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Play Music Surpasses 1 Billion Installs, Becomes The 15th Android App To Do So

The number of people activating Android devices continues to grow, because this summer we've watched as a number of Android apps have passed the billion installs milestone. The latest app to hit this goal is Play Music. This makes it the fifteenth to make the list.

Google has made numerous additions to Play Music since launching the service in 2011. Users went from storing their personal collections online and buying individual albums to streaming whatever they wanted using All Access subscriptions. These days you can start personalized radio stations that suit your mood. You can also sign-up to stream music for free.

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Vine Places A Greater Emphasis On Music With New 'Snap To Beat' Perfect Audio Loops, Featured Songs, And More

Music and social media go together like teenagers and places their parents don't know about. Music became such a big part of MySpace, it inspired the likes of SoundCloud. Music videos regularly rack up the most views on YouTube. Chances are, your favorite artists have a Twitter account.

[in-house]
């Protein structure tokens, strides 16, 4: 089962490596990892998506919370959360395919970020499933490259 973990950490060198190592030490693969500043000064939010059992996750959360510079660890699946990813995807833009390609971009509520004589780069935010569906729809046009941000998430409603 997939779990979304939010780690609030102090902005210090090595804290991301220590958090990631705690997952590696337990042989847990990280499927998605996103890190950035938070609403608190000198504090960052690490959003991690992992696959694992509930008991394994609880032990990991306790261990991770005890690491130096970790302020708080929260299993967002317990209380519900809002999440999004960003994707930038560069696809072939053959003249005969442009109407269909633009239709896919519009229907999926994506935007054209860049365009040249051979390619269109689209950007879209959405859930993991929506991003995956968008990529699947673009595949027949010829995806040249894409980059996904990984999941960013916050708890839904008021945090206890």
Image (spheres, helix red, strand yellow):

Musicians have used Vine as another way to get themselves noticed and share their music with a new generation. Now Vine intends to help them out. Today it's launching Snap to Beat, a easier way to toss together seamless perfect loops.

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Friday App And Game Sales: Hitman GO, Today Calendar, Kingdom Rush Origins, And More

Are you ready for the weekend? Impossible, because you haven't splurged on discounted apps and games. Hey, what else are you going to use all that Google survey money on?

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Welcome To The Future: Inbox By Gmail Now Offers Text Formatting In Replies On The Web

Inbox by Gmail is sort of an oddball thing...it started out as a simple, "fast" alternative to traditional email. The thing with that is, while convenient at first, it was quickly noticed how much stuff is actually missing. You know, stuff that most users want to use on a daily basis.

formattinginreply

Over time, Google has added in several necessary features to Inbox, making it much more serviceable than it was at launch. As of yesterday, text formatting in replies on the web joins that list, so users are now able to use numbered and bulleted lists; bold, italics, and underline; and enter links.